Minnesota Tenant-Landlord Law
The Fair Housing Act was created in order to ensure that everyone is treated equally during the housing process. It protects tenants from discrimination when seraching for a rental property. At the federal level the Fair Housing Act protects the following classes…
- National Origin
- Familial Status
Learn about fair housing at the federal level here /landlord-must-know-fair-housing/
In addition to federal fair housing laws, The Minnesota Humans Right Act makes housing a protected area and it is illegal to be treated differently because of...
- Marital status
- Public assistance
- Sexual orientation
- Familial status
- Collection of security deposits: The collection of security deposits in Minnesota isn’t required, but most landlords require them to prove a tenant’s financial stability and guarantee a payment for damaged property.
- Security deposit limit: There is no limit on what a landlord may charge for a deposit.
- Seperate accounts for security deposit: There are not statutes regarding separate accounts, but the tenant is owed 1% interest annually from the first month’s payment to the last. (Minn. Stat. Ann. §§ 504B.178)
- Returning the security deposit: Must be returned within 21 days of the tenant moving out, or within 5 days of the date the tenant vacates the building or dwelling due to the legal condemnation of the property. (Minn. Stat. Ann. §§ 504B.178)
- Withholding the deposit: An itemized list of repair charges or damages must be provided if funds are withheld. (Minn. Stat. Ann. §§ 504B.178)
- Wrongfully withholding the deposit from a tenant: If the landlord intentionally and/or wrongfully withholds a deposit, he/she may be subject to a $500 fee. (Minn. Stat. Ann. §§ 504B.178 (Subd 7))
Rent and Late Fees
- Rent is due: There are no statutes regarding when rent is due (at the beginning of the month or the end) or grace periods.
- Paying rent: Landlords may accept rent in any form.
- Late fees: If late fees are included in the lease, it must not exceed 8% of the of the overdue rent payment. (Minn. Stat. Ann. §§ 504B.177)
- Conditions under which written lease is required: If a property has 12 or more resident units, a written lease agreement is required for each tenant. (Minn. Stat. Ann. §§ 504B.111)
- Withholding rent: The tenant is allowed to withhold rent if the property is uninhabitable, but the funds must be placed in an escrow account and follow certain rules listed here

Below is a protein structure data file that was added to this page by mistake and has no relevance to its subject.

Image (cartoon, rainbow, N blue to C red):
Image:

Notices and Entry
- Increasing rent: If there is an increase in rent, a notice must be provided one rental period plus one day prior to the change. (handbook)
- Terminating a lease early: If a landlord wishes to terminate a lease early, the time of the notice must be at least as long as the interval between the time rent is due or three months, whichever is less. (Minn. Stat. Ann. §§ 504B.135)
- Entry for non-emergency: A landlord must provide “reasonable notice” (24 hours is suggested) regarding entry for non-emergency repairs and prospective tenant showings (Minn. Stat. Ann. §§ 504B.211 (Subd 2))
- Emergency Entry: Emergency entry is allowed without notice when it is necessary to prevent injury to persons or property. (Minn. Stat. Ann. §§ 504B.211 (Subd 4))
- Lead Disclosures: A landlord is required to disclose any known presence of lead paint on the property. If there is a presence of lead paint in the unit or common area, the lease must include a federally-approved attachment on lead poisoning prevention.
- Disclosing authorized personnel to tenant: A landlord must also disclose the name and address of the property owner and anyone authorized to manage the property. (Minn. Stat. Ann. §§ 504B.181)
- Smoking in common areas: Doing so in apartment buildings is prohibited by Minnesota’s Clean Indoor Air Act. (handbook)
- Disclosing inspection orders to tenants: A copy of all outstanding inspection orders for which a citation has been issued and a copy of all outstanding condemnation orders and declarations that the property is unfit for human habitation, must be given to a tenant prior to he/she signing a lease or paying a security deposit and/or rent.
- When it is failure to pay rent, the tenant has 14 days to pay you otherwise the eviction notice can be filed with the courts.
- When there is another lease violation (e.g. subletting), there is no statute regarding time given to resolve the violation from the point that the eviction notice is served. Otherwise the eviction notice will be filed with the courts.
Early Termination of Lease
If the landlord wishes to terminate the lease early, the notice must be at least as long as the rent period or three months, whichever is less, e.g., month to month, one month; week to week, one week.
If the tenant wishes to terminate the lease early, the notice must be at least as long as the rent period or three months, whichever is less, e.g., month to month, one month; week to week, one week.
Read more about evictions in Minnesota here.
For more information on Minnesota Landlord Tenant laws please visit their website here.
As the situation with COVID-19 continues to evolve, the moratorium on foreclosures and evictions will continue to impact millions of rental properties across the country. For the most up to date information on this legislation, as well as to see if your city or county has additional directives in place, please contact your local representative.